The Haitian community holds family life in high esteem irrespective of social status. The Haitians consider family with higher status than work or any other responsibility. All individuals are expected to perform their duties as husbands and wives can work. However, men are expected to provide financial support to their families. Women are allowed to work away from home but are expected to take care of household chores. Children are regarded as gifts from the Supreme Being and they are required to guard the family confidentiality and structure. They are to extend absolute reverence for the elders. The inheritance rules require parents to give equal inheritance to their children irrespective of gender. In return, children are supposed to take care of their ageing parents both bodily and monetarily.
Haitian lifestyle characteristics
The majority of the Haitians reside in the rural areas and they are known to be peasant farmers. Foods grown include avocados, mangoes, rice, corn and vegetables. The usual food comprises of rice cooked with black beans. Virtually all cooked foods comprise of plantains, which are akin to bananas. Families that can afford a meal have pork as a popular meal when deep-fried or barbecued. Poverty levels of most Haitians mean that a majority of the population does not receive higher education. All learners don uniforms whereas very few people receive higher education. This results in the population sinking deeper into poverty.
Western clothes are common among the Haitians. Guayabera is common among men and it incorporates a loose-fitting shirt. The community allows females to put on pants while in the countryside females persistently dress in full clothes and kilts. The country experiences serious sanitation issues given that there are few toilets. There is acute lack of medical services, which contributes to the high number of sicknesses that afflict the population including malaria, tuberculosis and parasitic infections (Mintz 75).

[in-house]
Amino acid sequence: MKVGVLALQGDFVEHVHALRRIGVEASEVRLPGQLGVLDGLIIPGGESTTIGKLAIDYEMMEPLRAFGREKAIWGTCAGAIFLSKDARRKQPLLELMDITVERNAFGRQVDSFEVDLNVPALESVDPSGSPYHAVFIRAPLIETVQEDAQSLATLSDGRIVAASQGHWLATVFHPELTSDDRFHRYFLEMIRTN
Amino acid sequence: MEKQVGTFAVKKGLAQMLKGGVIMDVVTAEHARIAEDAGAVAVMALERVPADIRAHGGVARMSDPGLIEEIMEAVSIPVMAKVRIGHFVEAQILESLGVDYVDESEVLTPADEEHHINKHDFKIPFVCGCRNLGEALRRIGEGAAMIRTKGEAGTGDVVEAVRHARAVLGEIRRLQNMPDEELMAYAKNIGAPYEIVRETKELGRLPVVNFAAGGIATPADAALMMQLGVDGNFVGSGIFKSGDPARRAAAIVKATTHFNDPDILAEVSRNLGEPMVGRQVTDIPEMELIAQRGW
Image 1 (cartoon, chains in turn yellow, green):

Haitian relationship patterns
The social basis in the rural Haitian families is the extended family. Civilization that led to the migration of individuals to urban centers in search of employment resulted into nuclear families groupings. Husbands and wives contribute to the financial obligations. In the contemporary families, men assist women in carrying out household chores. Generally, the Haitian setting does not condone gender discrimination. The popular and ordinary bylaw nuptial amongst the underprivileged is plasaj. However, it is not acknowledged as lawful by the state administration. In the community setting, it is viewed as a normal and appropriate form of marriage. Interestingly, an individual irrespective of gender may have a variety of affairs in lifetime. Offspring sired by the same parent from different relationships consider each other’s sibling during marriage. They reside in the same household while children have the freedom to take any of the parent’s names when parents separate.
Haitian common rituals